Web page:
Winthrop's Undergraduate Juried Exhibition and student awards ceremony was held last Friday in the University Galleries. I mentioned Logan and Katie in the previous post and both of them raked in several deserving awards. Lots of my other former students won purchase awards or "best student in..." awards. Again, this has nothing to do with having once been in my class, it's simply a reason to feel pride on their behalf. I also got to meet Austin and Chris which was a pleasant surprise although I was terribly distracted by my son desperately needing to climb up and down the stairs right that very second.
One of the things that struck me at the exhibition was the connection that is being made between the role of the artist as a community servant. This year's exhibition was built around the theme of raising awareness about homelessness. Many of the students interacted with homeless people and organizations designed to help the homeless in order to compose and create their works of art. Several groups of students volunteered their time to this cause in various ways. And certainly the artwork itself pointed to the need for the viewer to also get involved. In a time when many artists and art organizations can be found looking for ways for the community or the government to serve them, it was refreshing to see these artists looking for ways to give instead of receive.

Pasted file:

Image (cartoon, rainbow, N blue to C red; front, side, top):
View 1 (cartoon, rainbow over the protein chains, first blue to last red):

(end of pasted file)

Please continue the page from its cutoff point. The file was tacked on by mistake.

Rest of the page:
In a completely unrelated note, I have been working on a collaborative linoleum block print design for weeks now with the infamous Molly. We're doing this to participate in Josh Drews' printmaking Extravaganza at Spring Valley High School in Columbia. Josh has invited people to come out with ready to print blocks and he's going to have some steam rollers in the parking lot to run them over. Neither of us had worked in collaboration with another artist before and had very little idea how to go about it. I had not cut linoleum since being in Mr. Martyka's printmaking class about 15 years ago. But somehow in a matter of weeks, we came up with some ideas, images, and some linoleum and we have about half the block cut now. That's an image of it up there at the top as of about 30 minutes ago. Tomorrow I'll hand it all over to Molly for her to finish it up. I've learned a lot from this experience already and my dogs have learned that linoleum shavings are not food.
Oh, and speaking of Molly...she has two really great sculptural furniture pieces in a show called "Delicious" in downtown Rock Hill (125 Caldwell St.). She also curated the show and pulled it off without a hitch (except for leaving poor Lila off of the info sheet).